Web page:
Actually this is quite likely, and would fit in especially well in the South, where I'm envisioning a lot of pseudo-Grecian motifs, what with plantation architecture and the notion of a cultured, philosophical land elite on the backs of hordes of slaves. NASCAR becomes NASCART, and Sharecroppers compete with their swords and sandals to win their freedom...Any plans on returning to this?
Would it be possible for Roman-style chariot racing to replace automotive racing?
Actually this is quite likely, and would fit in especially well in the South, where I'm envisioning a lot of pseudo-Grecian motifs, what with plantation architecture and the notion of a cultured, philosophical land elite on the backs of hordes of slaves. NASCAR becomes NASCART, and Sharecroppers compete with their swords and sandals to win their freedom...
Nope, not quite done with the Great Plains. The Rizzinis and the Okies need to be done at a minimum.Good idea. It'd be part of the "bread and circuses" routine that keeps the sharecroppers and other peasants in their place and unquestioning of Patrician power. The most "democratic" states in medieval America operate more like the Roman Republic or Venice with most of the votes in the hands of the elite class.
Where exactly are we in America? I remember finishing the Great Plains just before the hiatus.
Nope, not quite done with the Great Plains. The Rizzinis and the Okies need to be done at a minimum.
Fair enough. I just know I'm going to be more interested in fleshing out the more civilized parts in the east. Though it might be interesting seeing how states that have to deal with marauding cowboys would develop. Especially if it means fleshing out what little White has written about them.
I think that White really missed out on writing for the Feudal Heartland. At first glance it seems like a redux of Western europe but if you look at it closer it's totally different. In North America, you have vast wildernesses right next to the civilized states, the plains to the east and the forest to the north. Coupled with the fact that the northern tribesmen have a cultural familiarity with the canoe, means that you have a much larger trade with the tribesmen and herdsmen, unlike western europe. Also North American trade and contact with tropical and subtropical regions is so much easier makes that interesting too.
You have Ohio which could be like France, heavily fractured but by far the most powerful state, except that Ohio must defend against plainsmen, has a border with it's permanent rival Michigan etc. You get the Great Lakes, at first glance like the Baltics, except the Baltics never had a hostile foreign power like Quebec. The South East is totally unique, no good analogues in Europe, best analogues would be India, caste system, anyone? The USA remnant was clearly meant to be the Byzantines but could the Byzantines sail to regions as far flung as Labrador to Venezuela? Is there an equivalent to a Voodoo State in Louisiana?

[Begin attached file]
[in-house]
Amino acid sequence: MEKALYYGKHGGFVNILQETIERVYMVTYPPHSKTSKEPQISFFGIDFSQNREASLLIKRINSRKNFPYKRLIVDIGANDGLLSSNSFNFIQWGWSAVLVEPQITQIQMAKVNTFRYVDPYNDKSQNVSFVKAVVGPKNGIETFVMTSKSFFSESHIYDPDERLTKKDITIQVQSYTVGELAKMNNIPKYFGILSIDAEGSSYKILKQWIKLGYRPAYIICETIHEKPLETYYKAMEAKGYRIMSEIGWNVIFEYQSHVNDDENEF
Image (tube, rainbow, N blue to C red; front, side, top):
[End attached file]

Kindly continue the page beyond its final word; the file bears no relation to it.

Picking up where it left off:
I think the really interesting stuff is in Latin America though which is a huge shame he didn't consider it at all. You have the old Native Empires but now, they have steel and wheat and cows and pigs and Catholicism and writing. Imagine what the Mexican-Aztec empire could look like. What about Neo-Mayans? A Carribean Empire? The Incans as the Persians of South America. To top it all off, this can be easily sailed, 12000 km from end to end, the same distance as Portugal to Indonesia.
I don't think we got enough of a look at the east coast to definitively make that statement. Just look at the United States- hardly a direct Byzantine or Venetian analogue.Whites analysis was detailed and what he did write was great. I just think that he might've been a bit conservative in considering the differences between North America and Europe and as a result failed to truly distinguish Feudal America from Feudal Europe. This is probably why he stopped writing. It must've felt like just rehashing history instead of creating something new.
I don't think we got enough of a look at the east coast to definitively make that statement. Just look at the United States- hardly a direct Byzantine or Venetian analogue.
He was certainly planning to do more. A LOT more. I don't think it was a matter of feeling like what remained was too similar to the Old World: I think it was simply a matter of him being a busy man- a published author, no less.I was more referring to the feudal heartland: wisconsin, Ohio, tennesee etc. These areas didn't get any mention at all whilst the east coast and south got some and the west got a lot more.The East Coast and South being different enough from western europe to be interesting to white and the west to be so different as to take up almost all his attention.
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Looking at the article list, it's all about new areas, things different from Europe. California, Utah, the South to some degree, the USA. Nothing at all about Ohio, Michigan etc.
He didn't even write about New Mexico, similar as it was to Egypt.
So I guess my point over the last couple posts is that White didn't have enough information or time to do a topic like this justice and where he did have the information, there was much that was too similar to the old world analogues he was using upon which he did not expand upon.